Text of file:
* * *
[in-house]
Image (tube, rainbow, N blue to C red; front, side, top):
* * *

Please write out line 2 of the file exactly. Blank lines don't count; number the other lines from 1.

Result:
Image (tube, rainbow, N blue to C red; front, side, top):